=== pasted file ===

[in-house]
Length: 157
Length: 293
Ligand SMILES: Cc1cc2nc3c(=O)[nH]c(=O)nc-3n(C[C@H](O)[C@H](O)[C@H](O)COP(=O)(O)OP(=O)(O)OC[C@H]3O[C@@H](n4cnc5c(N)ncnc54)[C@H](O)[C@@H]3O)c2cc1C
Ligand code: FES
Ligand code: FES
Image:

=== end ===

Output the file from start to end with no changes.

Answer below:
[in-house]
Length: 157
Length: 293
Ligand SMILES: Cc1cc2nc3c(=O)[nH]c(=O)nc-3n(C[C@H](O)[C@H](O)[C@H](O)COP(=O)(O)OP(=O)(O)OC[C@H]3O[C@@H](n4cnc5c(N)ncnc54)[C@H](O)[C@@H]3O)c2cc1C
Ligand code: FES
Ligand code: FES
Image: